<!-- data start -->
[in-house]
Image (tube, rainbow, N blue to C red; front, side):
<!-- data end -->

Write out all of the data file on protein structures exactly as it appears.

[in-house]
Image (tube, rainbow, N blue to C red; front, side):